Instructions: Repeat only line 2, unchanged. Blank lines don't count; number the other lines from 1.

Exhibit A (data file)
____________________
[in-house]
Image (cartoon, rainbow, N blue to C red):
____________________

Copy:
Image (cartoon, rainbow, N blue to C red):